Rebecca Calcraft polled care professionals on how they deal with the issue of
children left alone at home, she found they were content to rely on their own
children unattended at home is a dilemma for social care professionals as well
as parents. At what age and in what circumstances is it safe and acceptable to
leave a child alone at home? What are the most appropriate interventions and
In the early 1990s there was a flurry of media
interest in "home alone" cases, but the issue is far more complex
than the newspaper headlines suggested. Research shows that referrals about
children left unattended at home are often made to social services departments,1
poor parental supervision is seen as an indicator of neglect,2 and
the potential short- and long-term consequences for children can be serious,
even fatal. Stone3 was surprised to find a lack of consensus among
professionals around supervision issues when he researched their perspectives
of child neglect. Part of the puzzle is that most parents leave their children
alone at some time, so when and why does parental absence become neglect?
As part of a qualitative study on the issue I
interviewed 28 practitioners who work in social services, health trusts,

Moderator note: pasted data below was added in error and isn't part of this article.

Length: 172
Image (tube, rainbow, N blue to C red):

voluntary organisations, and in the police and fire services, in one English
city. They were questioned on their views and practice regarding parental
supervision of children in the home. The findings reveal how professionals
respond to complexity and risk, and how they work with parents and other
agencies. The study suggests that the lack of specific guidelines at both
agency and legislative level enables practitioners to exercise that diminishing
commodity – professional discretion.
The research confirmed that the issue of
children left unattended at home comes up in practice, involving staff
resources and time, and causes some concern. Some professionals encountered it
only occasionally and often by chance, but it is a frequent and regular cause
for referral to social services and the police. The referrer is often a
neighbour, a relative or an ex-partner and they may wish to remain anonymous.
Their motive for making the referral may be genuine concern, but it may also be
an expression of some wider grievance against the parent(s) in question, making